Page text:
A Record Percentage of Black Students in Harvard’s 2016 Entering Class

Black students make up 11.4 percent of all students in the Class of 2020. This is the highest percentage of Black students in any entering class in Harvard’s 380-year history.

Harvard University Honors Its First African American Graduate

Harvard University Honors Its First African American Graduate

Harvard University recently unveiled a portrait of Richard Theodore Greener that will hang in Annenberg Hall along with other luminaries of Harvard’s past. Prior to 2005, only two of the university’s approximately 750 portraits were of people of color.

New Duties for Two African American Faculty Members

New Duties for Two African American Faculty Members

Marla Frederick, professor of African and African American studies and the study of religion, was named a Harvard College Professor and Nicole T. Jenkins was named the executive associate dean in the College of Business and Economics at the University of Kentucky.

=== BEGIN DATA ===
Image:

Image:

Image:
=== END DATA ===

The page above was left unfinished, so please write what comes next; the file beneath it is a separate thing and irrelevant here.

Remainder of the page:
The First Portrait of a Person of Color in Harvard's Faculty Room

The First Portrait of a Person of Color in Harvard’s Faculty Room

Peter J. Gomes was pastor of Memorial Church at Harvard University for more than 40 years before his death in 2011. Among the nearly 40 notable figures from Harvard’s past whose portraits now hang in the Faculty Room, Gomes is the first person of color among the esteemed group.

Orlando Patterson Honored for Lifetime Achievement by the Cleveland Foundation

Orlando Patterson Honored for Lifetime Achievement by the Cleveland Foundation

Orlando Patterson, the John Cowles Professor of Sociology at Harvard University, will receive the Lifetime Achievement Award as part of the Anisfield-Wolf Book Awards that will be presented this September in Cleveland.

Black Students Accepted for Admission at High-Ranking Colleges and Universities